At least 15 visitors at Yuga Labs’ ApeFest, a celebration of the marvels of Bored Ape Yacht Club NFTs, may have experienced serious eye injuries. Bloomberg reports that multiple people attending the NFT event in Hong Kong last weekend say they experienced vision problems, which they suspect stem from the event’s stage lighting. Some of the attendees claim doctors subsequently diagnosed them with photokeratitis (aka “welder’s eye”), caused by exposure to ultraviolet rays.
“Woke up in the middle of the night after ApeFest with so much pain in my eyes that I had to go to the hospital,” the user Crypto June posted on X (via Coin Telegraph). “Doctor told me it was due to the UV from stage lights.” User @docwagmi suspected that the “ape friends” reporting problems appeared to have been “up close with us front stage.”
Meanwhile, Adrian Zduńczyk wrote on X, “To all my friends who suffer now: go get your eyes checked. You’ve likely most literally got your eyes burnt with UV like I did, which requires medications, eye drops, eye protection, antibiotics and specialist care. Don’t ignore this health hazard. Without proper treatment, it may cause long lasting vision impairment and other serious damage.” Zduńczyk wrote that seeking medical attention quickly appears to have spared him long-term damage. “My vision was tested as close to perfect with no serious cornea damage, luckily.”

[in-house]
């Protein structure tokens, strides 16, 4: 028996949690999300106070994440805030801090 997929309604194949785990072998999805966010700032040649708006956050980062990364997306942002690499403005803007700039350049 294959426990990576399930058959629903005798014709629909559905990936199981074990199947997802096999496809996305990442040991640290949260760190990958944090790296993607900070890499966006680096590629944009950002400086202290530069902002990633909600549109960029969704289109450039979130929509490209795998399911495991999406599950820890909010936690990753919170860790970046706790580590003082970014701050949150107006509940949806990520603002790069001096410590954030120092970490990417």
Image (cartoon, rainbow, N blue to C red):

Yuga Labs briefly addressed the issue on X, saying it’s “aware of the eye-related issues that affected some of the attendees of ApeFest,” while claiming it’s “proactively reaching out to individuals since yesterday to try and find the potential root causes.” The company downplayed the number of people reporting issues, adding, “Based on our estimates, we believe that much less than 1% of those attending and working the event had these symptoms.” The NFT company advised attendees experiencing symptoms to “seek medical attention just in case.”
X users seemed none too pleased with Yuga Labs’ PR response:
From the PR team:
– Guys completely downplay it, make it look like a small number, eg… less than 1%
– Make it look like you’re actively helping and solving
– Try to ‘Find’ the ‘Potential’ root causes, even though we know exactly what it was
— Shad (@madladshad) November 6, 2023
The potentially dangerous incident echoes one in 2017 when attendees of a HypeBeast party reported eye damage. The event’s DJ later reported that the lighting contractor used Philips bulbs that emit UV-C, often used as a disinfectant.